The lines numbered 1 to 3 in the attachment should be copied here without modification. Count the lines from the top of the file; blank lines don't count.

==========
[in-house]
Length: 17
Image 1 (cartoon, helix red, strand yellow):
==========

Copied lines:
[in-house]
Length: 17
Image 1 (cartoon, helix red, strand yellow):